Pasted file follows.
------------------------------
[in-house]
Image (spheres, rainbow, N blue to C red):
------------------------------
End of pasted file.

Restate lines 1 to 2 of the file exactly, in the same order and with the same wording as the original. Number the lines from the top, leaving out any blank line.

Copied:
[in-house]
Image (spheres, rainbow, N blue to C red):